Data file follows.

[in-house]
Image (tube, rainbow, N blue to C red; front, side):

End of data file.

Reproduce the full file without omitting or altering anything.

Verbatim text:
[in-house]
Image (tube, rainbow, N blue to C red; front, side):